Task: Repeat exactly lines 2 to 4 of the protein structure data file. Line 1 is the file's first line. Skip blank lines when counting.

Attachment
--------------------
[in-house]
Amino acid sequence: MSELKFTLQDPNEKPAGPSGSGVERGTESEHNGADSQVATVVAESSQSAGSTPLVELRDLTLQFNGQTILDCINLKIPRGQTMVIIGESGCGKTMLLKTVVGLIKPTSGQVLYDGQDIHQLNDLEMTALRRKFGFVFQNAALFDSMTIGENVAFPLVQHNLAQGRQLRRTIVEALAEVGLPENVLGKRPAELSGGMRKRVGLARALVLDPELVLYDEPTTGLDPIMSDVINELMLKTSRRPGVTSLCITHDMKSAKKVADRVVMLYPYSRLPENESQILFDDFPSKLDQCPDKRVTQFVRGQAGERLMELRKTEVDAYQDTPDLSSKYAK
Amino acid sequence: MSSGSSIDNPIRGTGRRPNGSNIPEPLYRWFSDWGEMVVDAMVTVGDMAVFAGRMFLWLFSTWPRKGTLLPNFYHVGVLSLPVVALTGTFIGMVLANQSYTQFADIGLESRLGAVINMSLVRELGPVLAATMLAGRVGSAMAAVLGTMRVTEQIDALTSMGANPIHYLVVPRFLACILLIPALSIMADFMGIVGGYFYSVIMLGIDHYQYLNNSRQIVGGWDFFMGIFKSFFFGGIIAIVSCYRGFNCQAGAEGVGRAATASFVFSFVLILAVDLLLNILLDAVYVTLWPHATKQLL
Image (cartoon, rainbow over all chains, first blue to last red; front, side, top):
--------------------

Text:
Amino acid sequence: MSELKFTLQDPNEKPAGPSGSGVERGTESEHNGADSQVATVVAESSQSAGSTPLVELRDLTLQFNGQTILDCINLKIPRGQTMVIIGESGCGKTMLLKTVVGLIKPTSGQVLYDGQDIHQLNDLEMTALRRKFGFVFQNAALFDSMTIGENVAFPLVQHNLAQGRQLRRTIVEALAEVGLPENVLGKRPAELSGGMRKRVGLARALVLDPELVLYDEPTTGLDPIMSDVINELMLKTSRRPGVTSLCITHDMKSAKKVADRVVMLYPYSRLPENESQILFDDFPSKLDQCPDKRVTQFVRGQAGERLMELRKTEVDAYQDTPDLSSKYAK
Amino acid sequence: MSSGSSIDNPIRGTGRRPNGSNIPEPLYRWFSDWGEMVVDAMVTVGDMAVFAGRMFLWLFSTWPRKGTLLPNFYHVGVLSLPVVALTGTFIGMVLANQSYTQFADIGLESRLGAVINMSLVRELGPVLAATMLAGRVGSAMAAVLGTMRVTEQIDALTSMGANPIHYLVVPRFLACILLIPALSIMADFMGIVGGYFYSVIMLGIDHYQYLNNSRQIVGGWDFFMGIFKSFFFGGIIAIVSCYRGFNCQAGAEGVGRAATASFVFSFVLILAVDLLLNILLDAVYVTLWPHATKQLL
Image (cartoon, rainbow over all chains, first blue to last red; front, side, top):